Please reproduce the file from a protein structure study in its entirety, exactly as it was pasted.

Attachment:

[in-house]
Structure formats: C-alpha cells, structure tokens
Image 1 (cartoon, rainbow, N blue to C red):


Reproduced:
[in-house]
Structure formats: C-alpha cells, structure tokens
Image 1 (cartoon, rainbow, N blue to C red):